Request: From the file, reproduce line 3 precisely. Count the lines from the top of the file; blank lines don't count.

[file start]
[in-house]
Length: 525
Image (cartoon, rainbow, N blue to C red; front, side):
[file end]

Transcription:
Image (cartoon, rainbow, N blue to C red; front, side):